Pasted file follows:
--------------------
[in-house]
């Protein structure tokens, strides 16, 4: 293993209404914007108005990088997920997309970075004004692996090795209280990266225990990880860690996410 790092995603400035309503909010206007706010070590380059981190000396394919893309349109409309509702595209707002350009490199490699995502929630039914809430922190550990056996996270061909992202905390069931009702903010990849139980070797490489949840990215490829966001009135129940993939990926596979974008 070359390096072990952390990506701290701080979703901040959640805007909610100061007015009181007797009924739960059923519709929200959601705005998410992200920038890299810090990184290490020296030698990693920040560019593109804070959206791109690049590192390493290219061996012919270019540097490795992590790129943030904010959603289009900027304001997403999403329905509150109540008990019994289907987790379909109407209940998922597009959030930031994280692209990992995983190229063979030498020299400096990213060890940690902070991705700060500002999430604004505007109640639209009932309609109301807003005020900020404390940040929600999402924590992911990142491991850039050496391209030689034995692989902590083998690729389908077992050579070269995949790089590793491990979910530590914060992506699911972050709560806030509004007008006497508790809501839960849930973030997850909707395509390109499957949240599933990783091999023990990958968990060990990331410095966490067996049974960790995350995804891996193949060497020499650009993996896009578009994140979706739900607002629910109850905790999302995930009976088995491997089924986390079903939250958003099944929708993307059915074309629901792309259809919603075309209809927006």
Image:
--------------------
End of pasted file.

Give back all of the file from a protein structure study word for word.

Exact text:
[in-house]
């Protein structure tokens, strides 16, 4: 293993209404914007108005990088997920997309970075004004692996090795209280990266225990990880860690996410 790092995603400035309503909010206007706010070590380059981190000396394919893309349109409309509702595209707002350009490199490699995502929630039914809430922190550990056996996270061909992202905390069931009702903010990849139980070797490489949840990215490829966001009135129940993939990926596979974008 070359390096072990952390990506701290701080979703901040959640805007909610100061007015009181007797009924739960059923519709929200959601705005998410992200920038890299810090990184290490020296030698990693920040560019593109804070959206791109690049590192390493290219061996012919270019540097490795992590790129943030904010959603289009900027304001997403999403329905509150109540008990019994289907987790379909109407209940998922597009959030930031994280692209990992995983190229063979030498020299400096990213060890940690902070991705700060500002999430604004505007109640639209009932309609109301807003005020900020404390940040929600999402924590992911990142491991850039050496391209030689034995692989902590083998690729389908077992050579070269995949790089590793491990979910530590914060992506699911972050709560806030509004007008006497508790809501839960849930973030997850909707395509390109499957949240599933990783091999023990990958968990060990990331410095966490067996049974960790995350995804891996193949060497020499650009993996896009578009994140979706739900607002629910109850905790999302995930009976088995491997089924986390079903939250958003099944929708993307059915074309629901792309259809919603075309209809927006």
Image: